Aston Martin has been snapped testing its mild-hybrid DBX SUV at the Nurburgring.

    Currently, the big four-wheel drive is only available with a Mercedes-AMG V8 engine – the same engine used in the Vantage and DB11 V8.

    This tester likely packs a 3.0-litre supercharged straight-six petrol engine backed by a 48V mild-hybrid system capable of harvesting energy when you lift off the accelerator, and providing a boost when you’re in a hurry.

    The engine is used in the Mercedes-AMG E53, where it produces 320kW of power and 520Nm of torque. That’s down 85kW and 180Nm on the twin-turbo V8.

    Mercedes-AMG and Aston Martin have agreed to expand their platform sharing setup beyond just old infotainment and the 4.0-litre V8 currently used in the DBX, Vantage, and DB11.

    Under the agreement, Aston Martin will get access to the latest electric and plug-in hybrid technology from Mercedes-Benz.

    The hybrid DBX is part of a plan to broaden the range, both up and down.

    The mild-hybrid will sit below the V8, while a more performance-oriented model will come to sit above the V8 in 2022 – potentially with plug-in hybrid power.

    It could go head-to-head with the Porsche Cayenne Turbo S E-Hybrid, which is also a plug-in hybrid.

    Tobias Moers, Aston Martin CEO, earlier this year revealed how the sports car maker use of its strengthened technology and financial alliance with Mercedes-Benz, which was announced last week.

    Aston Martin’s first electric vehicle will be a sports car, though it won’t arrive until 2026.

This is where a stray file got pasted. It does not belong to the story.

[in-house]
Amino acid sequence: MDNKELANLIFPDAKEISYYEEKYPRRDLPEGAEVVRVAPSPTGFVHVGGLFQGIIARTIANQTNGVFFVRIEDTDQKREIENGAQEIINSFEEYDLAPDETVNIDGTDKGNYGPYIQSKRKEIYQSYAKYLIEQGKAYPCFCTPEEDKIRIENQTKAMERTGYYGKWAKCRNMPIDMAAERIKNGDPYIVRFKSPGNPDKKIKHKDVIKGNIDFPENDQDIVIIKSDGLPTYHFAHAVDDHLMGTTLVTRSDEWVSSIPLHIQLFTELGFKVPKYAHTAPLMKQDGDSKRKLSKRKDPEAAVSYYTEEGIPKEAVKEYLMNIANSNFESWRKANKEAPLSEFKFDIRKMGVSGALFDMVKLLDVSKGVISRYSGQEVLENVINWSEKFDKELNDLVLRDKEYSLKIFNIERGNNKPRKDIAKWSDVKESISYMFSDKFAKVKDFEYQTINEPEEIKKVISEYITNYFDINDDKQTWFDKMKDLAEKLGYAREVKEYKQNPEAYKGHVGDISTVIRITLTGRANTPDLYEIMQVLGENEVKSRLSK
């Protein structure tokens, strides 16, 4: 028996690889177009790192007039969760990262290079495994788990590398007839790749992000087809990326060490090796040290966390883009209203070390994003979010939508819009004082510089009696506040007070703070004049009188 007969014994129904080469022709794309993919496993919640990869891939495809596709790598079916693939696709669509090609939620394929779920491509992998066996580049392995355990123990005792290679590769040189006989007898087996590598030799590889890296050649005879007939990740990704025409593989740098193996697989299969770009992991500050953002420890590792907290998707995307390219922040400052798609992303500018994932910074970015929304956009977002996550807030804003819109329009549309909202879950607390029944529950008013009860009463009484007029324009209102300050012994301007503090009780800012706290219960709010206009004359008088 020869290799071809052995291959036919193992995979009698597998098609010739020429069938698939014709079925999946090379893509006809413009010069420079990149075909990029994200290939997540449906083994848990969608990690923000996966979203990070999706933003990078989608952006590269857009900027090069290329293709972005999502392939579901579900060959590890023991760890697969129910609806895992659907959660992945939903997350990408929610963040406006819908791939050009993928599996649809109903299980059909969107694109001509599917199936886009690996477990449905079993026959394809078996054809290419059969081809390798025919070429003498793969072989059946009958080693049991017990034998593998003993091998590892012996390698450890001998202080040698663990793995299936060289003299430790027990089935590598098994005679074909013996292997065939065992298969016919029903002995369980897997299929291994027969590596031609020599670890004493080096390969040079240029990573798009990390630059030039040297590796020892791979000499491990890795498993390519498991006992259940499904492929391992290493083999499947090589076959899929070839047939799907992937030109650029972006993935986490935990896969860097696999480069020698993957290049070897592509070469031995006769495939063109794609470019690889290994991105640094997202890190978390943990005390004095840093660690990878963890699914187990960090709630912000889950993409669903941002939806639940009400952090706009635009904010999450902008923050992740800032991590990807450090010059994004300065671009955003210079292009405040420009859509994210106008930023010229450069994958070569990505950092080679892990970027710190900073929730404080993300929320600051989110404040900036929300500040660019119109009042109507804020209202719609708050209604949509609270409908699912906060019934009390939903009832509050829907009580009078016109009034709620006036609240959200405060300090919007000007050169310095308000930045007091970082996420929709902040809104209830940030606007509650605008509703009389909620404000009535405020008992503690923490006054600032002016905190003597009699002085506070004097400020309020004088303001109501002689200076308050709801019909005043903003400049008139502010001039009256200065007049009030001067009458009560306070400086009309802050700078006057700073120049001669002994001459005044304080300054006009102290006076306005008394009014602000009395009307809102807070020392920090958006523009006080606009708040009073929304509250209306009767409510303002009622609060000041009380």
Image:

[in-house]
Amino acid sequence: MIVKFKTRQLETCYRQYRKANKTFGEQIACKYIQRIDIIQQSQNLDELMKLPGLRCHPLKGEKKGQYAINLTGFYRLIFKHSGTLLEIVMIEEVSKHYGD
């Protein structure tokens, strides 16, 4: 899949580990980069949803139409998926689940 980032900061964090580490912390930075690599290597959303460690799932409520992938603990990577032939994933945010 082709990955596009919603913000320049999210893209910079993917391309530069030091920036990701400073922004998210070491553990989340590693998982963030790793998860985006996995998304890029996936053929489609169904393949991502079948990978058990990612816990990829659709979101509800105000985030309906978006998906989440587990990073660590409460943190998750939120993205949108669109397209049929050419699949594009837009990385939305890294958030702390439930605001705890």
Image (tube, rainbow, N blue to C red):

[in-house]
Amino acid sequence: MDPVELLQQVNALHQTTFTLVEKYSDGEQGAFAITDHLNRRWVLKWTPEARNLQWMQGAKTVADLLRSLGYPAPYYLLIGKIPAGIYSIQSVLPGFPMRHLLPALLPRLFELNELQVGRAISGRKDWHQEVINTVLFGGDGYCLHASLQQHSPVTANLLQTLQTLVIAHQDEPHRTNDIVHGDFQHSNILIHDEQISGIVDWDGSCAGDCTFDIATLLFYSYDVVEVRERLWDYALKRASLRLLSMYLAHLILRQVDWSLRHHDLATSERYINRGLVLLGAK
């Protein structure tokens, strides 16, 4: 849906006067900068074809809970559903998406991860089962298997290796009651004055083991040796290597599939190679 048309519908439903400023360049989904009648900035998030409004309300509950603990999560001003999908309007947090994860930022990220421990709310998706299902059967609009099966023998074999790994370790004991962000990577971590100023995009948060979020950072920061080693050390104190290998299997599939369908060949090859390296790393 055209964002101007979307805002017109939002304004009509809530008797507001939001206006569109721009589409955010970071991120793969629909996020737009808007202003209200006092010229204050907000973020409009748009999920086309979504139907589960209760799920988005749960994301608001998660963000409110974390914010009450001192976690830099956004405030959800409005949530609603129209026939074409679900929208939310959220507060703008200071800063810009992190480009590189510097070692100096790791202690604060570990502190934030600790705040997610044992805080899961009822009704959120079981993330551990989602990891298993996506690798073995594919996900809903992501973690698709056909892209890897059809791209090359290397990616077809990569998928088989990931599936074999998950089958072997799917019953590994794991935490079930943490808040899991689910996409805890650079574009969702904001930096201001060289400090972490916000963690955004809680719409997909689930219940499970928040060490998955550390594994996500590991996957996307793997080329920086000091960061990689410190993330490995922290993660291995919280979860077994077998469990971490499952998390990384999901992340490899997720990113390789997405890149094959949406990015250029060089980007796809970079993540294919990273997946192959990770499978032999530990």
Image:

Mr Moers told Motor Trend his company’s minnow status means it can be agile and doesn’t have to make “broad pronouncements”, indicating it won’t follow brands like Jaguar by announcing an end date for internal combustion engines.

    He predicts half of Aston Martin’s portfolio will be fully electric by 2030, though he said the company will offer plug-in hybrids in select markets and will offer internal combustion engines for as long as possible.

    Aston Martin’s twin-turbocharged V12 engine isn’t expected to survive beyond 2027, however, due to increasingly stringent European emissions regulations.

    Under Andy Palmer, Aston Martin’s previous CEO, the automaker was close to launching an electric version of the Rapide sedan, only to pull the plug at the last minute.

    Before it dips its expensive moccasins into the electric car waters, Aston Martin expects by 2024 that 20 to 25 per cent of its sales will come from electrified models.

    MORE: Everything Aston Martin DBX

    Scott Collie

    Scott Collie is an automotive journalist based in Melbourne, Australia. Scott studied journalism at RMIT University and, after a lifelong obsession with everything automotive, started covering the car industry shortly afterwards. He has a passion for travel, and is an avid Melbourne Demons supporter.

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